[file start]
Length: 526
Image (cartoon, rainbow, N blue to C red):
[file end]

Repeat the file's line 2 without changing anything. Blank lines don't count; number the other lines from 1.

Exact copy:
Image (cartoon, rainbow, N blue to C red):